Generally- Orders are never final
Custody orders are unique in that they are never final. Child custody orders are temporary in nature and always subject to change if new circumstances affect the welfare of a child. The commonwealth has a duty of paramount importance to protect the child’s best interests and welfare, and, that end, it may always entertain an application for modification and adjustment of custodial rights. Any order for the custody of the child of a marriage entered by a court in Pennsylvania or any state may, subject to jurisdictional requirements, be modified at any time to an order of shared custody in accordance with law. In evaluating whether a modification of custody is in a child’s best interest, the court has an obligation to consider all relevant factors that could affect the child’s well-being.
Filing of a Petition to Modify
The appropriate manner to bring about a change in a custody and or visitation order is by a petition for modification, which would follow, generally, the procedure under the rule pertaining to the commencement of action for custody proceedings, generally. A trial court cannot permanently modify a visitation order without a petition to modify being submitted by one of the parties.
Time for petition
Petitions for modification of custody orders may be filed at any time. In all such cases, the paramount and sole pertinent consideration in discerning the continuing validity of a custody order is, as in all such determinations regarding children, the best interest of the children involved. Thus, regardless of whether custody is challenged in an original proceeding or on a motion for a change in custody, the court is required to make the same inquiry into the best interests of the child.
Effect of Soldiers’ and Sailors’ Relief Act- Modification of Custody on Deployed Military Personnel
A court will not stay an action for the modification of custody pursuant to the Servicemembers Civil Relief Act as the paramount concern of the court is the best interest of the children. The mere fact that one of the parties is in the military and has been recalled to active duty cannot preclude the court from inquiring into the best interest of the children.
What does a Court consider?
A trial court may not revise a custody order until it fully considers the totality of the circumstances and discerns the best interest of the child at the present. A change of custody is just as important to the child and to others as an original award of custody, and the parties should be afforded the same type of hearing on the application as they are entitled to on an original award. A lower court is obligated to entertain a full evidentiary hearing on the issue of modification of custody before allowing even a de facto modification.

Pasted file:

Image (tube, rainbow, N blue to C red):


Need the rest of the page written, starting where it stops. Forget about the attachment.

Whenever, in a custody dispute, a court is called upon to address the best interests of a child, traditional burdens or presumptions such as a substantial change in circumstances, the fitness of one parent over another, or the tender years doctrine must all give way to the paramount concern, namely the best interests of the child; in determining the best interests of the child, a court must consider all factors that legitimately affect the child’s physical, intellectual, moral and spiritual well-being. In order for a court to determine the best interests of a child in a proceeding to modify child custody, it must not limit its analysis to the present environment in which the child is situated; rather, the court must consider all possible environments and relevant factors.
Illustration: A trial court erred in transferring custody of children from the mother to the father after a brief hearing at which the mother did not appear due to the fact that she had relocated to Colorado just one year after the mother was awarded custody of the children at the conclusion of an exhaustive hearing. It was in the children’s best interest to conduct a new custody hearing. In another case, a trial court did not abuse its discretion in “temporarily” transferring primary physical custody of the parties’ five-year-old child from the mother to the father pursuant to the parties’ separation agreement, which provided for change of custody from the mother to the father if the mother could not “provide a home environment which is in the best interests of the child.” The court’s order did not contemplate an “automatic” return of custody to the mother upon her relocation to more suitable living conditions; irrespective of whether the court used “ambiguous terminology,” the father would maintain primary physical custody of the child unless and until the court determined otherwise. The trial court could reinstate the original custody arrangement if, after full consideration of the mother’s petition, it determined that the child’s best interests would be served with her mother.